Cincinnati Bengals linebacker Rey Maualuga (58) participates in training camp Tuesday, Aug. 5, 2014, in downtown Cincinnati. NICK DAGGY / STAFF

What recent moves mean for the Cincinnati Bengals

But releasing Maualuga with one year remaining on the three-year, $15 million contract he signed in 2015, did run counter to the way the Bengals have honored contracts in the past, even when there has been an obvious decline in the player’s production.

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The most recent example of that was paying cornerback Leon Hall $7.7 million in 2015 for the final season of a four-year extension, even though he had clearly lost a step following his second Achilles surgery and the team had three other first-round corners on the roster.

But the issue with Maualuga was two-fold. Not only is age catching up with him, the game is running away from him. Or, more specifically, away from players of his ilk. The bigger, thumping run stoppers are a disappearing breed in the NFL, the defensive version of the fullback.

“He realize the way the league is now,” defensive coordinator Paul Guenther said at the NFL Combine earlier this month. “I tell Rey he’s synonymous with the fullback. The run-stopping linebacker is the fullback. As soon as you see the fullback run on the field, you can run on, too. But that doesn’t happen very often.”

With the nickel defense (five defensive backs, two linebackers) essentially becoming the base defense for the Bengals and many NFL team, Maualuga started just six games last year and played on 30 percent of the defensive snaps.

The writing was on the way for the 30-year-old Maualuga, who played all eight of his seasons in Cincinnati after the team selected him in the second round of the 2009 draft, even before the Bengals signed 26-year-old linebacker Kevin Minter on March 20.

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“Rey has been a tough and productive player for us, and a fine teammate, and this is a difficult decision,” Bengals head coach Marvin Lewis said after the team released Maualuga on Saturday.

“It’s one of several we have made to transition to a younger group at linebacker as we continue to shape our 2017 roster,” Lewis added. “We wish Rey and his family the very best.”

Maualuga appeared in 114 games with 104 starts while leading the Bengals to the playoffs in six of his eight seasons.

He took to Twitter on Sunday to thank the fans.

Peerman and Gilberry are what Lewis likes to call “nuts and bolts guys,” and both players’ worth was evident last in transactions the Bengals made in 2016.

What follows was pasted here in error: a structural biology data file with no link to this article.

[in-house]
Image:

Bengals running back Cedric Peerman (30) makes a catch during the opening day of Bengals training camp, Friday, July 31, 2015. GREG LYNCH / STAFF
Photo: Staff Writer

Peerman broke his forearm in the preseason and was one of two candidates to return from Injured Reserve, along with cornerback William Jackson.

That the Bengals elected to bring back Peerman instead of their first-round pick spoke volumes about his worth on special teams, with was recognized league-wide when he was selected to the Pro Bowl following the 2015 season.

While running back Giovani Bernard’s ACL injury made the decision to bring back Peerman instead of Jackson a lock, Peerman’s value on special teams cannot be overstated.

“It’s big for us to get Cedric back,” special teams coordinator Darrin Simmons said. “He’s demonstrated over time what an effective player he is. He’s a leader of our unit, a core part of what we do.”

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Gilberry is coming up on the one-year anniversary of his decision to leave the Bengals and sign a free-agent deal with the Detroit Lions. But he played just four games in Detroit before being placed on Injured Reserve with an abdomen injury and was released a week later on Oct. 11.

Cincinnati Bengals defensive end Carlos Dunlap (96) and Wallace Gilberry (95) sack St. Louis quarterback Nick Foles during their 31-7 win over the Rams Sunday, Nov. 29 at Paul Brown Stadium in Cincinnati. NICK GRAHAM/STAFF
Photo: Staff Writer

The Bengals signed Gilberry on Nov. 7, and he played in five of the final six games, logging 2.5 sacks with 10 tackles.

While the Bengals have yet to make the move official, bringing back Gilberry for another year gives the Bengals some added depth and versatility on the defensive line. Gilberry can play tackle or end, and he is at his best when he’s playing limited snaps, bringing a burst of energy and emotion to the rotation on the defensive line.

Re-signing Gilberry leaves Chykie Brown as the team’s only unrestricted free agent on the open market.

The Bengals lost tackle Andrew Whitworth (Los Angeles Rams), guard Kevin Zeitler (Cleveland), running back Rex Burkhead (New England), defensive tackle Domata Peko (Denver), linebacker Karlos Dansby (Arizona) and defensive end Margus Hunt (Indianapolis), while the re-signed cornerback Dre Kirkpatrick, wide receiver Brandon LaFell, tackle Eric Winston, kicker Randy Bullock and offensive lineman T.J. Johnson in addition to Gilberry and Peerman.

The team also signed tackle Andre Smith, their 2009 first-round pick who played in Minnesota last year, and added former Carolina cornerback Bene Benwikere in February before free agency began.

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